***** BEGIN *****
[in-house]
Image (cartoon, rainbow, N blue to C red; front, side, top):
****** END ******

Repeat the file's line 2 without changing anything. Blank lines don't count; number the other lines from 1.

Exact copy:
Image (cartoon, rainbow, N blue to C red; front, side, top):